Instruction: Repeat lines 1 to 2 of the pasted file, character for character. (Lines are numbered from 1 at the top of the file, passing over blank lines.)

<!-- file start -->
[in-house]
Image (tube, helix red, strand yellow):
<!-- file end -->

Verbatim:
[in-house]
Image (tube, helix red, strand yellow):